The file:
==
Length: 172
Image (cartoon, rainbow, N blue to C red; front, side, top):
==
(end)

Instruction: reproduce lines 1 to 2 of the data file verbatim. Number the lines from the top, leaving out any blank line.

Length: 172
Image (cartoon, rainbow, N blue to C red; front, side, top):